A four-week residency in 2006 in the Glass Studio6 of the Kurashiki University of Science and Art in the Okayama region of Japan, provided the opportunity for Nick and Pauline to collaborate on pieces inspired by the colour indigo; for the first time, Pauline worked directly on the surface of the glass domes produced by Nick. Given Mount’s often-stated attachment to the hand-worked object, it is unsurprising that they sought out hand-dyed traditional indigo cloth, a fibre (as opposed to silk for example) traditionally associated with the Japan’s peasant classes and humble household textiles.
‘When Nick and I went to Japan for his residency, we made an appointment at a traditional indigo dye studio in Kyoto, where we bought samples of studio-dyed cloth, which we used as a reference for the patterning on the domes. After Nick blew the domes and then sprayed them with low-fired enamel, I then did the pattern, mostly using the sgraffito technique.’7
Having returning from Japan with ‘a group of components… influenced strongly by [the] Japanese experience in their forms, surface decoration and method of construction’8 the new works provided the focus of the exhibition Indigo at Sydney’s Sabbia Gallery in 2006.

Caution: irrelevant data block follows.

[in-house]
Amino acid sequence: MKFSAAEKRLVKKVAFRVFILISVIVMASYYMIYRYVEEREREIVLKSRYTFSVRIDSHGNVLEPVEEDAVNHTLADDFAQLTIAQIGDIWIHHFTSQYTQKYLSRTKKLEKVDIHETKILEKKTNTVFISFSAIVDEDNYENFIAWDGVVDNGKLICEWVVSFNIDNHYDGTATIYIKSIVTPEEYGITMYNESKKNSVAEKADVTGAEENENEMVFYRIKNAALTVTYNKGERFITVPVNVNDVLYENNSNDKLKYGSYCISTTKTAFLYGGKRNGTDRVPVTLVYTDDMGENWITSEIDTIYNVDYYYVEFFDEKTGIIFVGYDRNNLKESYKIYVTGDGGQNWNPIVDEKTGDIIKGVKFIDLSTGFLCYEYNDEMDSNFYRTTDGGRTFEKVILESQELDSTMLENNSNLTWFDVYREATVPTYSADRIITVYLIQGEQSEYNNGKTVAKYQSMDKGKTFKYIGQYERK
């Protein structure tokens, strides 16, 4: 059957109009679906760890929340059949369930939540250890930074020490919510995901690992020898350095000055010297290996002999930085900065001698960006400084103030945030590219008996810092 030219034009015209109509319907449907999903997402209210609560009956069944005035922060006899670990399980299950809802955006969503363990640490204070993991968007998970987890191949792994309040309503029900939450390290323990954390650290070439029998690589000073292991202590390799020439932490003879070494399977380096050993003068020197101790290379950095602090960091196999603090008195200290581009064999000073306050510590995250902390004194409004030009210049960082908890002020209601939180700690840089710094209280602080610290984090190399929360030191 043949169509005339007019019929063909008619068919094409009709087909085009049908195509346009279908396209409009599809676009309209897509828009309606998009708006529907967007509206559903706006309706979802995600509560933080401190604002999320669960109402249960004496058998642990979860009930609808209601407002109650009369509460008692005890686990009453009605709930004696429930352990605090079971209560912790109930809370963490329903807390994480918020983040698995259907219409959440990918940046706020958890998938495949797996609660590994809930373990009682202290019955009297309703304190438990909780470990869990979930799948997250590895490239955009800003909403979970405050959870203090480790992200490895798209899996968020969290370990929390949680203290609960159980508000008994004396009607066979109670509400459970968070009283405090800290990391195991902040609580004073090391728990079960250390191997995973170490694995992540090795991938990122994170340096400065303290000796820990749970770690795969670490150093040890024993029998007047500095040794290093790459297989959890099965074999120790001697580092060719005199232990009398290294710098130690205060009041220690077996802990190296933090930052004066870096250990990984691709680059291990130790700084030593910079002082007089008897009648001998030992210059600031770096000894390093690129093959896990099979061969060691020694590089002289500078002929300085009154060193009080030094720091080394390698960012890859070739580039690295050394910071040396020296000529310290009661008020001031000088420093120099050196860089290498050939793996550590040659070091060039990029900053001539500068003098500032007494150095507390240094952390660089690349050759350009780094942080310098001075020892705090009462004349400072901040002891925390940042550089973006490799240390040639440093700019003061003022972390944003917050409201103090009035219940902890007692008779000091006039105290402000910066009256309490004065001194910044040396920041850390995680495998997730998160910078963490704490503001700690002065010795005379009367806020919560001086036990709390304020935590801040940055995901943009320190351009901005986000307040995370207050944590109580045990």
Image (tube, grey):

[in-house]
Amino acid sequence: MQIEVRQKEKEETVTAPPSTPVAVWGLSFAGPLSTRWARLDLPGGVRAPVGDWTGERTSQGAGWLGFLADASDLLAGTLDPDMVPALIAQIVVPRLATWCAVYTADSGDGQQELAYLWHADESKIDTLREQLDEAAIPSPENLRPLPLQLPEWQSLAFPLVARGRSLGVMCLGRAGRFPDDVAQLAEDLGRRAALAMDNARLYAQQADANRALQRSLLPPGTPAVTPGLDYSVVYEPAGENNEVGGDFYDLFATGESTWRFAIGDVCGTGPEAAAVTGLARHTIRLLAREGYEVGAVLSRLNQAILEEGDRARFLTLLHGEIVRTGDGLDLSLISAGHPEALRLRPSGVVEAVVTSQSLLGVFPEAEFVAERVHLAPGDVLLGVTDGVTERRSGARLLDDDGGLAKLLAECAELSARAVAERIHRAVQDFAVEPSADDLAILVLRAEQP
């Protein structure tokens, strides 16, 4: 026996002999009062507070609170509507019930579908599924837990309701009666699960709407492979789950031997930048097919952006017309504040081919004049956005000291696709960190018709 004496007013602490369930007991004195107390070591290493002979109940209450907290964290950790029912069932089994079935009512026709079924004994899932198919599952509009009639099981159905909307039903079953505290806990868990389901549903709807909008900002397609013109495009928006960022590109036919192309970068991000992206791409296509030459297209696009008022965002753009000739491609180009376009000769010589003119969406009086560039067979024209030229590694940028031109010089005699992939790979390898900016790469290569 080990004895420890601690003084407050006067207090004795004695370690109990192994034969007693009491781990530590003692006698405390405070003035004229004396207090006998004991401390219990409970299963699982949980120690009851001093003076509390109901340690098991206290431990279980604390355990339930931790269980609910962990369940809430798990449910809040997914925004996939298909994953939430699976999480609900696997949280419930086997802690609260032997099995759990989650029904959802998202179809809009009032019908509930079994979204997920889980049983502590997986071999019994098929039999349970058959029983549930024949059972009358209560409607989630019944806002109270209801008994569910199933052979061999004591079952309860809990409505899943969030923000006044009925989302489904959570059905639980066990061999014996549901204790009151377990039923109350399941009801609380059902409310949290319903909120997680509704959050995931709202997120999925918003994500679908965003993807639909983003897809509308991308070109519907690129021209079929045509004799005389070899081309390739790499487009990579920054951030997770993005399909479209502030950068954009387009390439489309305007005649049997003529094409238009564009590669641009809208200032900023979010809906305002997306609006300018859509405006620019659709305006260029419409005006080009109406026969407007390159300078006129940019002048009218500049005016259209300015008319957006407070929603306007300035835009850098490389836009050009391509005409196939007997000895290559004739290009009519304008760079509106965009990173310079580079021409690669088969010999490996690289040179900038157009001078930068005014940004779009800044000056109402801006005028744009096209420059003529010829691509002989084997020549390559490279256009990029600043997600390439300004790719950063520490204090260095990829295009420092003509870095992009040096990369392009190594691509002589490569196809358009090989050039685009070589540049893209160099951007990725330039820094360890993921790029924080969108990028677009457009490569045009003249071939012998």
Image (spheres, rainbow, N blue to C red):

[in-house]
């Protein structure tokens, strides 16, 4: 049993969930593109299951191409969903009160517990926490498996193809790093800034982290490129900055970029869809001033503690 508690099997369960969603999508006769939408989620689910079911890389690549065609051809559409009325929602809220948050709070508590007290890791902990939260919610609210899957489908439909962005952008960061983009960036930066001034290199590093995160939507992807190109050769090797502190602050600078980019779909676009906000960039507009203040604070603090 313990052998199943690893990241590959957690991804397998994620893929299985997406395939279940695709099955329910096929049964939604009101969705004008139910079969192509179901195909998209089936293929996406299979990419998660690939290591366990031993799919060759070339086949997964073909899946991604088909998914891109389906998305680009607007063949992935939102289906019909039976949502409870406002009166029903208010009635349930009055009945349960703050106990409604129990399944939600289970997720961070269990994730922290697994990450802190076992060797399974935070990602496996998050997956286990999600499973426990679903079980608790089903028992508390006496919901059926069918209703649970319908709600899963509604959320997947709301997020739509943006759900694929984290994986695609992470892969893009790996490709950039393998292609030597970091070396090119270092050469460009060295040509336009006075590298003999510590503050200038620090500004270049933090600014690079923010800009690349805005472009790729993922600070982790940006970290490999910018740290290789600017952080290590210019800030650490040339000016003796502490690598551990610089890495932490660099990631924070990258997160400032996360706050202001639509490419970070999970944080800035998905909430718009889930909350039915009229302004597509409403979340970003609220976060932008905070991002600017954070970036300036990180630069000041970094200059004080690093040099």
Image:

Inspiration can flow from many sources and since 2011 the striking Still Life compositions have continued to evolve as the result of Mount’s response to a commission for a London hotel.9 ‘The Still Life pieces’ says Mount, ‘have grown and are composed in the same way as all of the Scent Bottles.’10 (In 2012 one of these new works has been acquired by the Art Gallery of Western Australia.) For the first time, Mount has merged overscaled, glass-fruit forms with the inventive addition of sleek and meticulously carved, exotic timber ‘stems’ – variously fashioned from olive wood, limewood et al. In one highly effective grouping, Mount counterpointed a prostrate, highly textured white granulare ‘strange fruit’, 11 with the slender/bulbous verticality of a glossy/matt black Scent Bottle with scarlet curlicue. Perhaps most remarkable of all is the folie douce of the ambitious White Granulare Composition (2006). As Tony Hanning notes in Nick Mount: The Fabric of Work, the granulare technique – resolved in Venice in the 1940s and demonstrated to Mount by Marquis – involves the suspension of murrini within a softer glass body, in order to create a highly textured, nubbly surface.12 Created at Marquis’s Whidbey Island studio in 2006 and the stunning centrepiece of the Living Treasures: Masters of Australian Craft exhibition in 2012 at Object: Australian Centre for Craft and Design, this technically challenging series of fifteen Scent Bottles – in which rose coloured glass softly resonates beneath the white textural surface – was the product of a serendipitous and unrepeatable set of circumstances.13 Each individual Scent Bottle is crowned with what is possibly Mount’s most definitive signature – the precocious flourish, the riskily slender swoop of a stopper, now sometimes complemented by the curving timber extensions of his glassy pieces of fruit.
Wendy Walker, August 2012